jay port

The penultimate race weekend of the 2009 Cooper Tires British F3 International Series, at Portimão, proved to be testing for many, including Litespeed F3. However, it’s a measure of the team that, faced with one adversity after another, they were able to race, finish and are ready for Brands Hatch next weekend.

With Victor Corrêa’s drive shaft going in Friday testing, the weekend was not off to a flying start. Undaunted, team members drove more than 200km to Lisbon, where Mygale had sent a replacement. It was going to mean a long night ahead, but the team’s ‘Can Do’ motto is well and truly embedded.

Saturday qualifying, one car – temporarily – down and Jay Bridger (in his Mygale) and Satrio Hermanto hit the track with gusto. Seven laps into the session and Hermanto’s gearbox was to blow. Whilst he had qualified for the first race on Sunday, the team was now looking at 2 cars with major engineering work to be undertaken – quickly!  Bridger qualified 22nd out of 30.

Second qualifying and the team had worked wonders on Corrêa’s car. Yes, he qualified at the back of the grid, but he was to prove his metal on race day. Bridger was to qualify 21st, but with the team testing a new set up in preparation for Brands Hatch, he too was to gain valuable places when it mattered.

What was to happen next would prove true sportsmanship and comraderie and shows that decent human nature still exists - even in the competitive world of motor sport. The engineers at Art Grand Prix offered their services and worked with Litespeed F3 until midnight on Hermanto’s gearbox, to give the Indonesian driver a chance of competing the following day. A further couple of hours by the Litespeed engineers and Satrio’s car was ready to race. There was genuine disappointment from Art Grand Prix as well as Litespeed when the gearbox blew again on Sunday after 6 laps and proved to be irreparable.

‘It’s motor sport and unfortunately these things happen’, said Director of Engineering, Steve Kenchington. ‘Nobody likes such outcomes but success in motor sport can be reliant on the intricacies of such small dynamics that are incomprehensible to determine. The most important thing within a team is the relationship between the engineers and the drivers. Without it, you have nothing.’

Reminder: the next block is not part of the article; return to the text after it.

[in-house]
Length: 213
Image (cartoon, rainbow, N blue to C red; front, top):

Of course Kenchington was right. Quiet and self-effacing, the man is one of the most knowledgable and un-egotistical people in the industry. He and the team changed the set-up on Bridger’s car and used Portugal to test it before the final race of the season in 7 days time. The result was Bridger finishing at least ten places higher than he qualified in both races. He was 6th overall in the second race – his best position and demonstrating a ‘maturity of performance worthy of the out-going champion.’ Corrêa, with a new drive shaft was able to re-confirm his 3rd place championship finish with two 4th place finishes in a trying and challenging weekend.

‘This was a tough weekend,’ said Kenchington. ‘Having said that, we are extremely pleased both with Victor’s and Jay’s results. For different reasons they are very satisfying and we are looking forward to what transpires at Brands Hatch.



For more information/ images, pleas ontact: Sara Mastriforte, Email: sara@litespeedf3.com